Tuesday, November 16, 2010

PG: NY Fed Pres "We Are Not Printing Money"

A brief writeup over at the Pragmatic Capitalist regarding the misunderstanding of Quantitative Easing and the distortion it is causing. The Fed President is correct - the Federal Reserve is not "printing money" and the quicker we help people understand this (note I am not saying the quicker we support the Fed....I don't) the better off we will be.

Scott Dauenhauer CFP, MSFP, AIF

Tuesday, November 09, 2010

PragCap: Understanding The Mechanics of a QE Transaction

Want to have your mind blown? The link above demonstrates how the Federal Reserve implements its policy of Quantitative Easing - it is not what those on TV lead you to believe (this is not a defense of Bernanke.....please don't misunderstand).

Here is an excerpt:

Before we begin, it’s important that investors understand exactly what “cash” is. “Cash” is simply a very liquid liability of the U.S. government. You can call it “cash”, Federal Reserve notes, whatever. But it is a liability of the U.S. government. Just like a 13 week treasury bill. What is the major distinction between “cash” and bills? Just the duration and amount of interest the two pay. Think of one like a checking account and the other like a savings account.

This is a crucial point that I think a lot of us are having trouble wrapping our heads around. In school we are taught that “cash” is its own unique asset class. But that’s not really true. “Cash” as it sits in your bank account is really just a very very liquid government liability. What is the difference between your checking and savings account? Do you classify them both as “cash”? Do you consider your savings accounts a slightly less liquid interest bearing form of the same thing a checking account is?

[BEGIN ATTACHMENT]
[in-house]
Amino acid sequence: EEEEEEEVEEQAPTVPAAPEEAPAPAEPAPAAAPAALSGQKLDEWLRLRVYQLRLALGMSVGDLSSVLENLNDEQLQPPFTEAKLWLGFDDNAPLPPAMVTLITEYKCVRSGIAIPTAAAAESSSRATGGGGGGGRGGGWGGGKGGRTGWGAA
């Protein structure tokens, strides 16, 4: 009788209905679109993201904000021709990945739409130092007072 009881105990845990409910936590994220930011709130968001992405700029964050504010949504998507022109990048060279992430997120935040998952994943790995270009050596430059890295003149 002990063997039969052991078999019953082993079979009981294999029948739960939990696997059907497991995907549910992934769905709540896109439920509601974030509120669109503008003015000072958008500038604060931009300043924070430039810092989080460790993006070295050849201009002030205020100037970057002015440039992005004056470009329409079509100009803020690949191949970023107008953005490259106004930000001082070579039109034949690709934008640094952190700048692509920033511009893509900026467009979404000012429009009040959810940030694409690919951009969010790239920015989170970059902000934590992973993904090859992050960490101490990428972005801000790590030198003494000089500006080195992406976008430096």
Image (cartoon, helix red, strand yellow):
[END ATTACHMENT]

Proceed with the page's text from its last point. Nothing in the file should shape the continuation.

What is a treasury note account? It is a savings account with the government. So now you have to ask yourself why you think cash is so much different than a treasury note? What is the difference between your ETrade cash earning 0.1% and that t note earning 0.2%? NOTHING except the interest rate and the duration. You can’t use your 13 week bill to pay your taxes tomorrow, but that doesn’t mean it isn’t a slightly less liquid form of the exact same thing that we all refer to as “cash”. They are both govt liabilities and assets of yours.

When you own a t note you really just traded your “cash” for a slightly less liquid form of the same exact thing. If the Fed buys those t notes from you they give you back your cash minus the interest rate. That’s all there is to it. No change in the money supply. No change in anything except the rate of interest you were earning. If the government removes t notes then all they’re doing is altering the term structure of their liabilities. They’re not changing the AMOUNT of liabilities.

Scott Dauenhauer, CFP, MSFP, AIF

Stiglitz: Justice for Some

Some food for thought, hit the link above.

Scott Dauenhauer, CFP, MSFP, AIF

Friday, November 05, 2010

American is Not Greece: Why Glenn Beck and Most Economists/Politicians Are Wrong

"America is Greece" is the refrain you continue to hear from many politicians (particularly Republican). When searched on Google it comes up over 11,000 times. You also hear from the likes of Glenn Beck that if China stops buying our Treasury Bonds that in literally a few weeks the entire nation will collapse (kind of defeats the point of China's military....and ours I guess).

Is this hyperbole based on reality? Well, the answer is no, but there is some common sense that drives such rhetoric.

Before I go forward, let me just say that the more I learn about economics the less I feel I know. Having said that, I do know a few things.

First - the main point of Beck, Republicans and whomever is that America is spending too much - in this respect I think I can agree. I can also agree that, like Greece, we are likely to see riots in the streets if certain pension and health care benefits are cut. However, what Beck and others don't seem to understand is that the United States Government is nothing like Greece and WE DON'T NEED Chinese money to survive. In fact, interest rates don't HAVE to rise if the Chinese decide to get rid of their treasury bills.